I’ve been stalking this guy over the past month. Reduced to bird-seed bribery and a tri-pod, I finally got some pictures of him (yeah, this is really what I do all day). I told you about him last year. He’s quite the handsome fellow, anybody know who he is?

Here’s a picture of him with a friend. A common bird I don’t know the name of, it’ll give you an idea of his size.

And here’s a picture of the fist-sized nest he knocked out of the tree this year. Maybe it’s an annual thing? Talk about spring cleaning, just ditch the house altogether. Good thing he doesn’t live in a trailer, I could just see that falling on my car -and he poops enough on that as it is.

Not one to quibble over paper or plastic, he says “I’ll take both, please”.

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  1. dosfashionistas says:

    According to my Peterson’s field Guide, the little guy with the red is a male House Finch. The female will be similarly marked, but without the red. The black capped fellow is a House Sparrow, although I grew up calling them English sparrows. Also a male. Sarah@dosfashionistas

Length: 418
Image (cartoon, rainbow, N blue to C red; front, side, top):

2. Vicki W says:

    I think the red bird is the purple finch.

    It’s hard for me to tell them apart from the house finch but your bird has the purple on the tail.

    Here’s a link to the House Finch

    The other is the evil House Sparrow. It’s an import from the 1800’s. If you are trying to attract bluebirds, the House Sparrow will invade the Bluebird nests, kill the eggs and nest in the Bluebird nest. Here’s some reading about the House Sparrow.